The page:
I’ve been processing late arrivals to the Cotsen collection: a small group of material that was once displayed in the Neutrogena Offices during Lloyd Cotsen’s tenure. As always, Lloyd’s collection habits were eclectic, and I’ve had a very fun time describing unique material. But the most unusual additions to the collection have to be our newest (and only) pieces of leavened folk art:
Described only as “bread sculptures” upon arrival from our friends in Los Angeles, everyone in Special Collections was immediately struck by the surprising choice of material. Initially, I was worried about the prospect of having food in the library! Don’t worry though, after a review from our colleagues in conservation, we have deemed the material safe from attracting pests (though, sadly, quite inedible for humans).
Tasked with describing such unfamiliar objects, I turned to the internet for help. After some diligent googling about bread art traditions, including a brief cul-de-sac in which I learned about the bread-art tradition in Russian prisons which inspired a contemporary bread sculptor, I found the origin of our new items. Our “bread sculptures” are masapán, from maize dough (masa) and bread (pan), a folk art tradition practiced uniquely in Calderón; a rural parish of Quito, Ecuador.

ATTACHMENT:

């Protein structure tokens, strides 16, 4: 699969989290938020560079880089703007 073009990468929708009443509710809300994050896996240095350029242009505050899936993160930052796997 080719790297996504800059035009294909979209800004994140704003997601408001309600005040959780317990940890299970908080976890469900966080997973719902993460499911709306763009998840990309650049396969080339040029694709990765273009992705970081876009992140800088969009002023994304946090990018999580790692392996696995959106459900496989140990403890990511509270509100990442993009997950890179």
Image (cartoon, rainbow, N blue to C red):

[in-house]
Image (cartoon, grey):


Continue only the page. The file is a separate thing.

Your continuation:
The practice of making masapán figurines emerged in the 1940s. It grew out of the tradition of making guagua de pan, a sweet roll shaped “bread baby” decorated to look like a swaddled infant. Eaten and offered at graves on All souls’ Day, better known as the Day of the Dead, on November 2nd, the tradition is syncretic: eating T’anta wawa (Quechua for “bread” and “baby”) is an ancestral rite in many Andean regions of South America.
In Calderón, masapán expanded. It came to be used to create bread-based nativity scenes and Christmas decorations. As it’s popularity with tourists grew, masapán came to be produced year round by hundreds of local artists.
Our exquisitely crafted examples seem to have been created in the traditional method: hand-rolled dough that is sculpted with hand-tools, air dried for days, carefully painted, and then lacquered for longevity. Our witch is perhaps Día de Muertos appropriate, while our horse with riders and small pony seem to follow a general horse-based theme.
Though our examples are a little shaken from time and transport, they are still whole and fully display the craft skill and delicate touch used to create them. Once mysterious, I am happy to have learned so much about this unique tradition and to include these rare examples of folk art in the Cotsen collection. Cotsen is a truly appropriate home for such rare objects, since we celebrate all folk ways and stories, no matter what they are made of!